In my research I discovered that there are a couple of different ways to construct a Croquembouche. Some pastry chefs use a Croquembouche mold and stack the puffs outside the cone. It's the easiest method of construction and if you are making the dessert to bring to someone's house, your chances are considerably better that you will arrive in one piece. You can also freeform the cone, but this means that you will need to have many more creampuffs on hand to make the foundation. Of course, if you like to live on the edge, you can build the tower inside of the cone too.  A little trickier, but much more fun I think.   Guess which way I did it??

Working quickly, I dipped each puff in melted chocolate and placed it inside the cone along the outside. The idea is to attach each puff along the inside of the cone. The center of the cone is supposed to be hollow. When I got to the top, I tried to make it as level as possible. Okay, I'll let you in on it...... I had to  squish down some of the creampuffs to level it out. Then I put the whole thing in the fridge for about an hour to chill and harden up.   

Once it was was chilled, I placed a plate on the widest part of the cone and carefully inverted it. After a few strategic taps on the side of the cone, the croquembouche unmolded itself.

It's not as pretty as Martha's, BUT with the exception of actually baking the creampuffs, I finished the whole thing in just under an hour. Seriously.

A few red raspberries dipped in chocolate and fresh whipped cream piped in between the puffs and I was ready to go. Kathy whipped up a small crockpot full of hot fudge so guests could help themselves to dessert. 

 It was a Christmas Eve show-stopper!

Happy New Year everyone!!

Monday, October 10, 2011

Homemade Oreos!

When I was a kid, nothing was better than a stack couple of Oreo cookies with a tall glass of cold milk.

There was only one problem, my mother wouldn't buy Oreos. Something about them being "too rich or too heavy" (insert rolling of the eyes here)....I don't know. Knowing my mother.....I'm sure that the price of Oreos had a lot to do with it. She bought Hydrox cookies instead. But she couldn't fool me. Even at the age of ten, I always knew that the Hydrox cookie was simply a cheap Oreo "knock-off". It looked the same, but was light years away from that rich chocolate Oreo taste and creamy white filling.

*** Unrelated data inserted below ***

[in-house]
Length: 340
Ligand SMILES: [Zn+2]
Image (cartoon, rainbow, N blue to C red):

Since my Oreo mainline was cutoff at home, I was forced to get my Oreos on the outside. Bus stops, school lockers, the cafeteria. But seriously, what kid in their right mind wants to swap an Oreo for a Hydrox cookie at lunchtime? I instead preferred to befriend those who had small stacks of of them tucked into the crevices of their lunchbox's. Who were willing to share.

Everything's changed now. Now that I have that recipe, I don't have to behave like that anymore. Er.....I mean, people won't have to behave like that anymore. Anyway, where was I?.........ah yes.

The oreo's that are sold at Flour Bakery are phenomenal. Colossal. They are oversized deep, dark chocolate dreams. And after taking a baking class at Flour Bakery, now I know how to make them.

(cue the diabolical laugh)

Oh wait. By the end of this will too. Curses. Keep in mind that this is not a quickie recipe. But if you do all the leg work the day before, you and your family and friends will be munching on homemade Oreos the very next day.

Flour Bakery's Homemade Oreos

  2 sticks of unsalted butter, melted
3/4 cup sugar
1 tsp vanilla
1and 1/2 cups of all purpose flour
1 cup semisweet chocolate chips, melted
1 egg
1 1/2 cup Dutch processed cocoa powder
1/2 teaspoon baking soda

Combine the melted butter, sugar and vanilla in a medium bowl and whisk until combined. Whisk in the melted chocolate. Add the egg and whisk until combined.

Use a wooden spoon to stir in the flour, cocoa powder, and baking soda until thoroughly mixed. Add flour mixture to butter/chocolate mixture and stir until fully combined. It will have the consistency of playdough. Cover the dough in plastic and refrigerate until firm, at least 4 hours or overnight. If you leave it overnight you will have to let it soften for a bit to work with it....a few hours at room temperature.

Divide the dough in half and place each half on a 15-inch square sheet of parchment or waxed paper. Shape each half with your hands into a rough log shape, about 12 inches long and 2 inches in diameter. Place the log on the edge of the parchment square and roll the log up. Refrigerate the logs until firm about 2-3 hours.